A California Church (Dennis Aubrey)

On Tuesday, I sat in a church in Santa Barbara, California. Saint Raphael’s is a large parish church, modern and modest. It has a simple narthex leading to a large open nave with stained glass clerestory windows. There are no side aisles or nave arcades and the transepts are low and functional. The altar is quite attractive with a flat eastern wall – no ambulatory, no hemicycle, no choir stalls. There is no real transept crossing at all.

But this is a church that taught me much on the single day that I was there, because it was here that I sat with my mother, brothers, sister, PJ, and the rest of my family to hear the funeral mass for my father. The large crowd in the church showed me how much he was loved and respected by those who knew him. My father was not an elected official or a public figure. He was a private man who spent his entire life in service. First he spent 24 years in the US Army, serving. He spent the rest of his life serving his church, his community, and his fellow soldiers.

Eglise Abbatiale Lavaudieu, Lavaudieu (Haute-Loire)  Photo by Dennis Aubrey
Eglise Abbatiale Lavaudieu, Lavaudieu (Haute-Loire) Photo by Dennis Aubrey

PJ told me of an uncle of hers whose funeral was attended by hundreds of mourners, to the complete surprise of his family and friends. The church was filled with people who this man had helped in life, helped without telling anyone, not his wife and children, not the neighbors or friends. He had simply helped those in need and when he died, those who had been helped came to pay their respects. My father’s funeral was like this.

I learned the depth of the love his family had for him, from the granddaughter who sobbed uncontrollably at his loss, my sister and brothers who tried to bravely accept his passing, to my mother whose partner, companion and lover of 68 years was taken from her. All of this I knew, but somehow the service showed me the depths of this love.

And finally I learned something completely unexpected. During the services which were beautifully and personally conducted, I discovered myself tugged by something, like being pulled by a river current or an outgoing tide. I felt part of a great stream of faith that tied my father to his church for his entire life, to the history of those who had preceded him in the church, in life, in sanctity and even in death. His death was part of this massive Orinoco flow streaming to the sea beyond, carrying him inexorably to his God. We mourners were witnesses standing mute in the shallows as he passed, the water tugging at our legs as if to remind us that our time was coming and to mark his passing closely, not to forget. For the briefest moment I felt in my heart the faith of my father, something I sought for my entire life. But like his passing, it continued on and could only feel the lapping of his wake.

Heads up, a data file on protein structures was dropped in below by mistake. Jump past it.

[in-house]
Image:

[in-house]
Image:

Eglise de Mailhat, Mailhat (Puy-de-Dôme)  Photo by Dennis Aubrey
Eglise de Mailhat, Mailhat (Puy-de-Dôme) Photo by Dennis Aubrey

Someday in the small quiet room where my services will be held, I expect that I will still be a bystander in that river of faith, pretending in my pride that it does not matter. But here at Saint Raphael’s church my father reached back to give me one last parting gift. He made me feel that faith of my childhood, the certainty of God’s grace.

32 thoughts on “A California Church (Dennis Aubrey)

  1. Dennis, It’s indescribably hard to lose a parent. I could never have put such a loss into beautiful words as you have done here. He must have been a very good father. Your writing today is exquisite – you surely have been touched by God’s grace. Trish

    1. Trish, my father was an extraordinary man, but modest. His entire life was dedicated to service, first for over two decades in the military and then his church and community. It was remarkable at how many people came to the rosary vigil and the funeral mass. I was humbled. Thanks, as always, for your compassion and understanding.

  2. May memories of your dad be a wonderful part of your days. I find myself in my garden, still gardening with my dad, after 3 years.

    1. Thank you, Jane. PJ and I have France as his memorial … on this last trip we thought of him all the time as we passed places that we had lived, visited, talked about, and studied. He used the names of places as keys to his life, his friends, his family, history, and culture. As such we have these places to remind us of him when we return.

    1. Thank you, Sue. Sometimes the emotions just sweep over me and the words just come out. It is hard to look directly at the deepest feelings for me, so the results are elliptical like this. Wish I could say directly all that I felt, but it just doesn’t happen that way.

      1. “How could I take them all in, and where could I bring them?”

        Dennis, your reply to Sue reminded me of this piece of film dialogue about a loved one. You capture, as it does, the elusive nature of expression and the burden as love is experienced in loss. Many things are not best approached directly. I have long suspected the elliptical results are why writing is so cherished amongst us. I thank you for it.

        I offer my heartfelt condolences.

    1. Thank you, Sonnie. It was so nice to see your name on the comment. I think fondly of you rapt in Paris. I hope that it met all of your expectations … from the look on your face, cannot imagine that it fell far short.